FILE - In this Jan. 4, 2017 file photo, Vice President Joe Biden, left, watches President Barack Obama, center, at Conmy Hall, Joint Base Myer-Henderson Hall, Va. (Photo: AP)
Former President Barack Obama endorsed Joe Biden on Tuesday, giving the presumptive Democratic presidential nominee a boost from the party’s biggest fundraiser and one of its most popular figures.
“Joe has the character and the experience to guide us through one of our darkest times, and heal us through a long recovery. And I know he’ll surround himself with good people,” Obama said in a 12-minute video, touting Biden as a “close friend” and lauding him for his perseverance and compassion.
The endorsement marked Obama’s return to presidential politics more than three years after leaving the White House. He didn’t mention his successor, President Donald Trump, by name and instead sought to bridge the ideological divide among Democrats.
Obama spent a sizable portion of the video acknowledging the contributions of Bernie Sanders. The Vermont senator was the leading progressive in the Democratic primary and ended his campaign last week before endorsing Biden on Monday.
The former president called Sanders an “American original” and backed his frequent call for “structural change.” But he also acknowledged that while Democrats “may not always agree on every detail,” they must unify to defeat Republicans.
“The Republicans occupying the White House and running the U.S. Senate are not interested in progress,” he said. “They’re interested in power.”
Biden now has the support of all of his former Democratic primary rivals except for Elizabeth Warren. The Massachusetts senator is expected to formally throw her support behind Biden soon, according to a person familiar with her plans.
Two other prominent Democrats who have yet to formally endorse Biden are former President Bill Clinton and Hillary Clinton, the party’s 2016 nominee. Hillary Clinton has been in regular touch with Biden, including several times since Sanders dropped out of the race, according to an aide.
Obama avoided intervening in the Democratic primary, but followed the race closely from the sidelines and is eager to take a more active public role in the campaign. He’s expected to headline fundraisers for Biden and public events in key swing states, if those events can still be held given social distancing guidelines during the coronavirus pandemic. An Obama adviser said the former president is taking his cues from Biden’s campaign on how he can be most useful as he eases back into a more overtly political role.
Though Obama stayed out of the primary, Biden frequently pointed to their time together in the White House. Biden often spoke of the “Obama-Biden” administration when talking about various accomplishments and referred to himself as an “Obama-Biden Democrat.”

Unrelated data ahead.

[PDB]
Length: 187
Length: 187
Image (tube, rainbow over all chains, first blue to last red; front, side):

But he also tried to insist he was running as his own man, telling anyone who asked that he urged Obama not to endorse him out of the gate or even in the thick of the primary.
Obama’s tenure became a sort of punching bag for some presidential hopefuls in a primary fight that early on was defined by a debate over the need for generational and systemic change versus a return to normalcy after the Trump era.
Julian Castro, 45, pushed Biden repeatedly on whether he argued with Obama privately over deportations overseen by that administration. Pete Buttigieg, 38, and Beto O’Rourke, 47, subtly jabbed Biden – and by extension Obama -- by suggesting the party shouldn’t “return to the past.” Sanders and Warren said the 2010 Affordable Care Act hadn’t gone far enough.
But Biden was a staunch defender of that legislation and called it “bizarre” for Democrats, even faintly, to attack Obama’s record.
The conversation around Obama’s presidency shifted as the primary wore on. By the time voting began, Buttigieg was almost explicitly comparing his youthful bid to Obama’s 2008 campaign and the progressives were framing their health-care proposals as a way to build on Obama’s legacy. Billionaire candidate Mike Bloomberg, meanwhile, featured Obama in his ubiquitous advertising effort, much to Biden’s chagrin.
“You’d think Mike was Barack’s vice president,” Biden once quipped to donors.
For his part, Biden leaned even more heavily into Obama as primary voting began. Aiming at Sanders, the self-described “democratic socialist,” and billionaire Bloomberg, who’d been elected New York City mayor as a Republican, Biden said in a Feb. 21 interview with The Associated Press that “they’re not bad folks. They’re just not Democrats.”
Campaigning before increasingly diverse audiences in Nevada and South Carolina, Biden ramped up his recollections of when Obama tapped him for the ticket in 2008. Biden recalled Inauguration Day 2009, waiting for the train in his hometown of Wilmington, Delaware, “for a black man to pick me up … for the two of us to be sworn in as president and vice president of the United States.”
Often drawing nods and vocal affirmation from his audiences, Biden said he had thought of that day as a national victory over institutional racism. Now, in the Trump era, Biden calls that conclusion a mistake.
“I thought we could defeat hate,” he said, but, “it never goes away.“
On Feb. 29, Biden took the stage in South Carolina to celebrate a nearly 30-point victory that would propel him past Sanders and everyone.
He dusted off a line he’d used many times before: “I’m a proud Obama-Biden Democrat,” Biden said.
Obama was watching. His sideline approach nearing its end, he called his former vice president that night to congratulate him on his victory.